Law students are increasingly becoming attracted to working in the charity sector or pursuing a career with non-governmental organisations (NGOs).
A few years ago, this career may have been perceived as an unappealing option to many for various reasons, such as not being able to offer attractive standard of remuneration, challenging opportunities, growth prospects, the necessity of having to do a research degree to be able to able support causes promoted by charities, and pro bono nature of work. However, with increasing awareness of social issues like migration, environment and health through social media and other platforms, LLM and law students are becoming keen in supporting causes by developing a career in relevant fields.
Charities and NGOs are known to offer unpaid or expenses-only opportunities in the early stages of work experience. This work may involve research, project support, writing, administration or assistance with case work. Law students are able to compete for these roles given their appreciation of social issues studied through courses such as humanitarian law, child law, environmental law, refugee law, public international law, to name a few. The general view is that you should ideally possess a good knowledge and interest in the cause that you wish to support and develop your career in. It may be one thing to show your concern about the conservation of marine wildlife, but another to demonstrate a good level of knowledge and interest in the area. Whilst some students may wait until they have completed research degrees in specialised areas to increase their chances of working in policy making or guiding organisations in advisory capacities, others may start work experience early on to be able to understand the working of charities better.
So, let’s take a look at some of the ways in which law students are able to chart a career in the charity sector:
Universities collaborate with international organisations on research work to enable students to become interested in the area of work and open up potential traineeship opportunities. Some of the leading organisations that do this include: The United Nations; UN High Commissioner for Human Rights; UN High Commissioner for Refugees; UN Environment Programme; World Trade Organisation; World Bank; World Health Organisation; International Labour Organisation; International Committee of the Red Cross; OECD (Organisation for Economic Co-operation and Development).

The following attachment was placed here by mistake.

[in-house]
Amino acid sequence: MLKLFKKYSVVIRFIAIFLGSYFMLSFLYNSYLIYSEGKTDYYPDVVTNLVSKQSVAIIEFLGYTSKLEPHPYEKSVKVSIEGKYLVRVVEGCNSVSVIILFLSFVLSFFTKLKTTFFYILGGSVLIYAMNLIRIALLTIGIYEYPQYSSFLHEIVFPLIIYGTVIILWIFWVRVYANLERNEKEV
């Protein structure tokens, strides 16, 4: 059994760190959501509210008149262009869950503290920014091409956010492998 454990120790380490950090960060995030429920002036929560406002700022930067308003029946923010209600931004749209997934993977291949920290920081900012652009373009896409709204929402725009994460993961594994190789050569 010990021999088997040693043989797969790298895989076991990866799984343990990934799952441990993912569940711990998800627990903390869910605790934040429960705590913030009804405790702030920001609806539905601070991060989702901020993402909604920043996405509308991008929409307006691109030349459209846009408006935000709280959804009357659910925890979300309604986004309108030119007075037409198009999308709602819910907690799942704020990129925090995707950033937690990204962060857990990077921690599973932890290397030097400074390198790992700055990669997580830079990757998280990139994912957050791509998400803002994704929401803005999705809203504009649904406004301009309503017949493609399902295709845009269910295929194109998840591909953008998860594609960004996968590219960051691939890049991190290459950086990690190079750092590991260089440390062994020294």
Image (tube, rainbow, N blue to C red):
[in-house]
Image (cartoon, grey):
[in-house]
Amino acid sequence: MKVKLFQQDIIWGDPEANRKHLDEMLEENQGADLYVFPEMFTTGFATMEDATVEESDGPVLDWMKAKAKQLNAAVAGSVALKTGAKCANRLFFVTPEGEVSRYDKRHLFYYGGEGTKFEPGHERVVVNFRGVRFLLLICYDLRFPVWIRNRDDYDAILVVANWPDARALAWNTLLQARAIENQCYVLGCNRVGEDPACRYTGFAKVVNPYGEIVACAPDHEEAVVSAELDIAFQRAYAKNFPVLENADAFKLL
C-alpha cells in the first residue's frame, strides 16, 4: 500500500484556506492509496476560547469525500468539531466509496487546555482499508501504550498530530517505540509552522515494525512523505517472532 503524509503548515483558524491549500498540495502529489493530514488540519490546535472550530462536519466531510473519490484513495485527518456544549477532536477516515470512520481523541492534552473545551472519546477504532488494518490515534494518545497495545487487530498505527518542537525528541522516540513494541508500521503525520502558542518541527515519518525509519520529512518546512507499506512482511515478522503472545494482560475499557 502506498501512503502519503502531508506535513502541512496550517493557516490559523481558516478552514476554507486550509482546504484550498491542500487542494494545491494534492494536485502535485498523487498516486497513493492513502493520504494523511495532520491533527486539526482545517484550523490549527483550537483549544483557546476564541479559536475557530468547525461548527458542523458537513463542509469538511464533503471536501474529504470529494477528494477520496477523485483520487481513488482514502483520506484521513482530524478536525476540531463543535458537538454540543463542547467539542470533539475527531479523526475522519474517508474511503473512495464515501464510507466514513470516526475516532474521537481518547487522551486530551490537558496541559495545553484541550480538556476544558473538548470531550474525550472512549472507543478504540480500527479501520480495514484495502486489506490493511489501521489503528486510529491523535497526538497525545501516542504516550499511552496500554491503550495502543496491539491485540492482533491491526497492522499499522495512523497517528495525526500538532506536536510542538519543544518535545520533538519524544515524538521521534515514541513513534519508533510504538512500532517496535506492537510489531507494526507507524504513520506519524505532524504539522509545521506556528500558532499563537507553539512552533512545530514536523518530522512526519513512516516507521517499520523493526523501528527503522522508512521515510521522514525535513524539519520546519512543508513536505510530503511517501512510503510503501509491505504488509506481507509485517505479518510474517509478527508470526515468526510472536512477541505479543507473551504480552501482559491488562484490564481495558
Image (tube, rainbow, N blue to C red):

Professionals use their acquired skills and expertise in providing mentoring to working charities. They are able to support projects that these charities undertake by providing specific advice to the charity workers on approaching legal issues. Although this work is usually voluntary, some charities may recognise the contributions of the mentors. This area is particularly helpful for students who aim to support charities so that they get opportunities to network with other professionals and increase chances of collaborations.
Students may prefer to use their degrees and research skills combined with their passion to support causes by lending research support to charities. This may be in a personal voluntary capacity or in return for a small remuneration. Charities benefit greatly from such support as they may lack the resources that offer legal advice and guidance. If you are interested, ask your law school administration if there are departments that provide research support to charities. It may add considerable value to your CV.
Although in-house legal opportunities in charities can be competitive, you can aim for them by setting your course in that direction early on. Start networking with staff/alumni who you know work with charities. You may need to gather substantial work experience depending on the nature of the post to be able to confidently say that you can support the work and at the same time be confident in demonstrating passion in the area. A lot of entrants also show prior voluntary work experience/specialised knowledge to increase their chances.
Campaigns & fundraising
Although this may be specific to areas of campaigns and fundraising, it may be a good opportunity to understand more about the work that charities do and to influence their decision making. Usually students who participate in campaigns and awareness activities early on aim for these roles. As a law student, you may need to develop additional skills such as people management, project management, finance assistance, etc. to be able to satisfy requirements for the role.
There are several other ways in getting involved in the work that charities do. Some law students may choose to wait till they have established themselves financially and then get involved in the work of charities that they find their interest drawn to whilst others may want to get a head start early on to be able to support causes that they feel strongly about. It all comes down to your interests, financial circumstances and motivation to set your direction to work in the charity sector.
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